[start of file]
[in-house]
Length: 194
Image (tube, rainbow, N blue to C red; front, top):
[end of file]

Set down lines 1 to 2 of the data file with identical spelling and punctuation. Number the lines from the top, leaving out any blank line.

[in-house]
Length: 194